Cheers!

Friday, February 19, 2016

Arranged marriages aren't so bad after all

"Arranged marriages aren't so bad after all"....can u elaborate?

Ramnik asked me this question over chat and it was thought provoking... I've always held a few beliefs about marriage that I established after quite a bit of research (journals and plain old internet trolling). I can't really reference everything that I went through but these are the principles that I established for myself:

Why an arranged marriage?

In an arranged marriage, "you" are taken out of the picture while selecting a pool of eligible candidates... Your parents know you and seek to find people with a similar background, culture and most importantly values...
Having shared values is super important....
it's very risky to have a marriage where the two partners have been brought up in such disparate environments that they value things differently (eg. would one of the partners consider it beneath them to help maintain the house? How do you treat parents? What is the role of helpers in your lives? What are the attitudes towards money (save it? spend it? on what?) How do you approach old age?

The 3 dimensions of fights in marriages

In a marriage, there are only 3 things that people fight about:
  1. Money
  2. Time
  3. Children
This is clearly reductionist but it's a good representation from a 20,000 foot level (my opinion, of course... YMMV).

1. Money: How to earn it, how much to earn, how to spend it, what to spend it on.
2. Time: During dating, there's always a clear purpose to meeting: going for a movie, going out to dinner, hanging out, going for a walk... etc. After marriage, other things matter: you'll have free time and you'll have to decide what to spend it on:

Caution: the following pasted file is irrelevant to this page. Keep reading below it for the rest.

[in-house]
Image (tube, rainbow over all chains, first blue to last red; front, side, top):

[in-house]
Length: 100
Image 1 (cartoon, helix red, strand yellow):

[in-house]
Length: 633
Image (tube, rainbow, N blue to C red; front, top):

TV? House cleaning? Cooking? Reading? 
The choice of activities is important to building a shared future. If there are shared interests, time shared is time valued.
3. Children: It's not children per se that cause fights (though sleep deprivation in parents does contribute). Children contribute to marriage angst through the choices they present:
eg. what do you teach your kids? when? how much do you pressurise them to succeed? How do you deal with tantrums? What values do you provide to them? What do you reward? What do you punish? How do you punish etc.... Different people with vastly different upbringings will have amazingly different answers to these questions. More importantly, they will have strong views about these questions because they've experienced the answers in one way and one way only (the way of their family) and each person believes that their upbringing was the best that could be had and that's they way they'd like to pass on to their children. In families with parents with disparate upbringings, this gap needs to be bridged and bridging this gap comes back to shared values.... 
If the two partners have different values in this regard, there will be conflict....

Love marriages

Love marriages happen from a strong base along some of these axes (there is a natural understanding on both sides, presumably a set of shared interests, possibly some shared values). However, the choice of a partner is love marriages is often hamstrung by aspects such as beauty and attractiveness. Now beauty is in the eye of the beholder but that doesn't mean that societal pressures don't play a role. There are people that are considered desirable in social circles and are consequently provided preferential treatment. The impact of this preferential treatment is in the value system that they develop over time. Read this amazing answer on Quora about how a guy who faked being an attractive female got used to having things done for him.

Anyway, long story short, it's very unlikely that people think about the 3 axes of fights while selecting a partner (or at the GF / BF stage). The attributes that people look at that stage are completely devoid from these metrics... Hence Arranged Marriages aren't so bad after all.... ☺


Ramnik's last thoughts
ok. Have these been refined after your experience?

They've been completely validated... ☺
(as of this point... things might change later of course, but that's life)